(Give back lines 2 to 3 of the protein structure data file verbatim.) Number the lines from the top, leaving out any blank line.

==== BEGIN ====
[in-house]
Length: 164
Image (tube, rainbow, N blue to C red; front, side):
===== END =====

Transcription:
Length: 164
Image (tube, rainbow, N blue to C red; front, side):